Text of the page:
Skip to main content
Premium Trial:

Request an Annual Quote

Sequencing the Zoo

For their DNA Zoo, researchers at Baylor College of Medicine are sequencing the DNA of more than a thousand species, Texas Monthly reports. It adds that the researchers there, led by Erez Lieberman Aiden, hope to help enable endangered species to persist.

According to Texas Monthly, the project began in 2011 and has amassed samples from 4,234 animals, encompassing 1,105 species. Most of these samples, it notes, have come from zoos or aquariums, and can help ensure that mating animals aren't too closely related and preserve endangered species' genetic diversity. Some sampling approaches have had to be creative, the magazine notes — DNA was collected from southern right whale by sampling the air it snorts out of its blowhole.

"The DNA Zoo won't be the only piece we need to preserve the genomes of these animals to push forward the idea of conservation, but it is a huge piece in that puzzle," Blake Hanson from the University of Texas Health Science Center tells Texas Monthly.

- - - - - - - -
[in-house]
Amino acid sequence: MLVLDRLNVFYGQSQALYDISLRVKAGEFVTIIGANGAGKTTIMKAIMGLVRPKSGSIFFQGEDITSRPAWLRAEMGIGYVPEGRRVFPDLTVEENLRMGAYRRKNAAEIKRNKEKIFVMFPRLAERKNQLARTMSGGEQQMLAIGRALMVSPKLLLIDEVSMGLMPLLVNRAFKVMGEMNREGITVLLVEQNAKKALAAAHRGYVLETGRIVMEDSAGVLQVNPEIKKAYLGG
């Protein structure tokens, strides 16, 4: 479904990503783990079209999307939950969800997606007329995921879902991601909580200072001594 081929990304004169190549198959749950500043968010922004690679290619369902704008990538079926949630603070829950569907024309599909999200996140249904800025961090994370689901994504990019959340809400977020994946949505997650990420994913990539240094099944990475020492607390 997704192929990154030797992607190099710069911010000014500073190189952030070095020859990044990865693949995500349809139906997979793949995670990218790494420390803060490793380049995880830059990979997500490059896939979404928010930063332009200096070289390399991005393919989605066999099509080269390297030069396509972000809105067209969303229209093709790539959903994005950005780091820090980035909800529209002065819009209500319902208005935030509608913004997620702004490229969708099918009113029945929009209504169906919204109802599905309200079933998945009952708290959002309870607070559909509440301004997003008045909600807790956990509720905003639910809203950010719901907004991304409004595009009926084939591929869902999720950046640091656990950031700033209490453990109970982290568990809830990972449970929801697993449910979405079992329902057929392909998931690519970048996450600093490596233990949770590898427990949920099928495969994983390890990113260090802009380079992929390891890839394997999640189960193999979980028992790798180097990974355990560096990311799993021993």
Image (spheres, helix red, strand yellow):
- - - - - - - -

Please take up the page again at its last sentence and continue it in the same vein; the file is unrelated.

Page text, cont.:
The Scan

International Team Proposes Checklist for Returning Genomic Research Results

Researchers in the European Journal of Human Genetics present a checklist to guide the return of genomic research results to study participants.

Study Presents New Insights Into How Cancer Cells Overcome Telomere Shortening

Researchers report in Nucleic Acids Research that ATRX-deficient cancer cells have increased activity of the alternative lengthening of telomeres pathway.

Researchers Link Telomere Length With Alzheimer's Disease

Within UK Biobank participants, longer leukocyte telomere length is associated with a reduced risk of dementia, according to a new study in PLOS One.

Nucleotide Base Detected on Near-Earth Asteroid

Among other intriguing compounds, researchers find the nucleotide uracil, a component of RNA sequences, in samples collected from the near-Earth asteroid Ryugu, as they report in Nature Communications.